Letting Go

I’m tired, as I was up sort of late last night. One of our storage arrays, the kind that is advertised to never fail, failed briefly. It took out our enterprise mail system and a variety of other databases and applications, all of which had been moved to this array because it was supposed to be super reliable. In my queue of things to write about is putting all your eggs in one basket while trusting vendors. “Where Data Lives” is more like “Where Data Dies And Support Shrugs At You Like They Think You Are An Idiot For Believing The Spec Sheet Or The Sales People.”

In the meantime, xkcd has a cartoon today that hits pretty close to home for me.

2 thoughts on “Letting Go”

  1. I think I’ve seen you mention clariions before, lose a storage processor? I’m never confident a full set of trespasses like that will go cleanly because of the confusion around array-side failover settings and powerpath/dm-multipath side settings.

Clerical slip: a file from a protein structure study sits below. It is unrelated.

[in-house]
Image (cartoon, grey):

2. No, this was our DMX-3. EMC claims nothing went wrong, but 15 of our biggest hosts disagree. We think it was a problem with a specific RAID group because other hosts that weren’t on that RAID group didn’t have a problem. Meanwhile, the array didn’t log a damn thing. All was well while our enterprise systems were dying. Like I said, the kicker is that we had moved all those systems to the DMX-3 precisely because it was never supposed to do crap like this.

    Personally I’m not a fan of EMC at all. Their stuff just isn’t reliable, and when it doesn’t work as advertised you basically get a blank stare back from support. If you’re lucky you get a shrug.

    In an interesting twist, once we got some of the high I/O systems off of our CLARiiONs they became pretty stable. We used to blow a storage processor a month on the eight CX700s, now it’s been a few months.

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